Jimmy was a childhood friend of Butch Gilzean, and the two ran together even "back in the day". Jimmy joined the Falcone Crime Family and moved up the ranks, eventually becoming a underboss. Jimmy affectionately referred to Butch as "brother". While Butch feigned reciprocation, he was secretly willing to take down his old pal when it suited him.
He technically had seniority over Fish Mooney, so when her scheme to use Nikolai to off the old man fell through, she turned to Jimmy for support in a coup. Since Jimmy had ambitions to sit in the big chair himself, he was less than receptive, dismissing her proposals and retorting that he had seniority, insinuating that she better back off. In fact, he turned to his old buddy Butch and tried to enlist him in removing Fish from the picture. Having weighed his options, Butch decided he was better off with Fish, and killed Jimmy himself, after an apology for an incident in their teenage years when he stiffed his friend of his share of a robbery.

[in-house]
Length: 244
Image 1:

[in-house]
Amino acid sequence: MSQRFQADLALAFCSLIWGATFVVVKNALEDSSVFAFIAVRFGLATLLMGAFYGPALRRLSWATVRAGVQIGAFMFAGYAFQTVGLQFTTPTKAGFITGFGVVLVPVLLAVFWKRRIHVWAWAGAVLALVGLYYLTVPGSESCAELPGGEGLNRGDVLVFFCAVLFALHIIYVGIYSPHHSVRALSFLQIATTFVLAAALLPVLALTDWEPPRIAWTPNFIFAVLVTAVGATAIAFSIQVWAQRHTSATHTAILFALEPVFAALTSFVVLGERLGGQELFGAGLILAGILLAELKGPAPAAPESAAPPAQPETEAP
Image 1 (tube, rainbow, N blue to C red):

Jimmy was vocal, confident, and not afraid to voice his opinions. This was especially visible when he felt comfortable voicing his concerns in front of Falcone about raising their tariffs, and outwardly stating the need to oust him in front of Butch and Fish. An experienced mobster, he also felt confident in his skills of persuasion, believing that Butch would easily value him as an ally over Fish, because of his connections and status. He was great at being a "friend" to others, especially his own men, allowing Butch to "name his terms" as a member of his new order of rule. On paper, Saviano had more to offer than Fish, as he was more respected in the Falcone family. Unbeknownst to him, this was why Fish was motivated to get rid of him, while he still believed that Butch would easily choose their brotherly friendship over his fledgling relationship with Fish. Fish was able to convince Butch that she was more valuable of an asset than Jimmy, so Jimmy was subsequently disposed of by Butch.